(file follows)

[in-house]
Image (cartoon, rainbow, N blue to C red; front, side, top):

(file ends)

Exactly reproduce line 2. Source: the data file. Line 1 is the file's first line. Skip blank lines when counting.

Image (cartoon, rainbow, N blue to C red; front, side, top):